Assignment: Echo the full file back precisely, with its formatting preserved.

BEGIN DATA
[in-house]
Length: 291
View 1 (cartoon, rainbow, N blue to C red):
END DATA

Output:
[in-house]
Length: 291
View 1 (cartoon, rainbow, N blue to C red):